Does this matter?

Medication is the standard treatment for what is essentially a brain condition.

But psychological treatments, “such as behavioural therapy, may help a child develop strategies and skills for learning and controlling their behaviour”, according to the federal government’s health advice website.

Cognitive behavioural therapy is particularly helpful in adolescents with ADHD.

The ADHD Institute recommends “that non-pharmacological interventions are focused on the individual with ADHD as they mature and become ‘agents of implementation’ in their care”.

And there’s some evidence that neurotherapy – a biofeedback technique that enables individuals to normalise their brain’s electrical activity and improve symptoms – can result in patients functioning successfully with medication.

So it remains unclear whether young people with ADHD (which affects one in 20 Australians) are getting the full suite of necessary treatment.

What the researchers recommend

On the face of it, $197 million billed to Medicare is a lot of money, but perhaps not so much given that Australia spends nearly $11 billion a year on mental health services, according to the Australian Institute of Health and Welfare.

Dr Le said the research findings showed the considerable financial burden for families with a child experiencing mental health issues and presented a strong case for spending on prevention strategies.

“Mental disorders in children and adolescents are common, with one in seven diagnosed with a mental disorder and one in three with mental health symptoms,” Dr Le said.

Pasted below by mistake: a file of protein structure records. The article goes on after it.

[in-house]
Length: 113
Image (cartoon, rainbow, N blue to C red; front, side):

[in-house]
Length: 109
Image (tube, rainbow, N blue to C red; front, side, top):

“Our study shows that aside from the substantive impacts these disorders have on children and adolescents and on their families,
there are significant costs to Medicare and high out-of-pocket costs faced by the families.”

Professor Mihalopoulos said there is strong evidence that school-based screening and intervention for conditions such as anxiety and depression “are the most cost-effective interventions for prevention of mental disorders in children and adolescents”.

“What do we need to implement such interventions?” she pondered.

School interventions: Where are they?

School interventions have been the great hope for preventing anxiety and depression for years. So where are they?

The short answer appears to be that they are either a work in progress or they’re not sufficiently, or at least demonstrably, evidence based.

In 2016, the Black Dog Institute published a paper about school interventions.

It noted that mental disorders in adolescence are the leading cause of illness and disability for young people aged 10 to 19, ahead of any physical disease.

“From a practical perspective, there is good reason to develop prevention interventions for adolescents that can be delivered through the school system as part of the mental health educational curriculum,” the authors wrote.